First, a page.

Recent rumors suggest that we’re less than a month out from Samsung’s next big smartphone reveal event. Prolific leaker Evan Blass recently shared renders of the Galaxy Z Fold 3, Galaxy Z Flip 3, and the Galaxy Watch 4, all of which will be unveiled on August 11th. Unfortunately, the company might have a major problem on its hands ahead of the event. As reported by Android Police, Galaxy S20 owners are complaining about their screens failing out of nowhere.
One of the earliest complaints came back in May, when one Galaxy S20 owner uploaded the following video on YouTube. The user began seeing scan lines on his Galaxy S20 Ultra about a year after buying the phone. The display eventually started to flicker, and before long, the entire screen was white with a green tint. The user reached out to Samsung, but never found a solution.
Galaxy S20 screens are failing — is there a solution?
As Android Police reports, many other Galaxy S20 owners have seen their screens fail in the weeks and months since. Just days after the video was published, a user took to the Samsung Community forums to complain. They noticed flickering lines on their Galaxy S20 while playing a game. The user explains that the screen eventually turned white and green, as in the video above.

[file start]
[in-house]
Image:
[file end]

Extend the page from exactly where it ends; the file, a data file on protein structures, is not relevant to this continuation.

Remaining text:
A moderator responded moments after the thread was posted with the following suggestion:
Are you able to share a screenshot or a video of this here? Can you try your phone in Safe Mode? Using Safe Mode on a Samsung phone or tablet allows you to force the device to run the essential operating system, and disable most 3rd party applications. It’s designed as a diagnostic tool to help solve issues with connectivity, battery life, apps, and more. To do this press and hold the Power button until you see Power Off, Restart and Emergency. Press and hold the Power Off icon until it shows a Shield, tap the Shield and the device will restart in Safe Mode. Once done, monitor the device for two hours to see if the issue persists.
This didn’t seem to make any difference. In fact, based on the responses, the only real solution is to have the screen replaced altogether. It isn’t clear just how widespread this issue is, but it’s troubling nonetheless. The Galaxy S20 series of devices launched in March 2020, which means early adopters have had their phones for over a year now. If this is a problem for a significant number of Galaxy S20 devices, we’ll continue to see similar reports in the days ahead.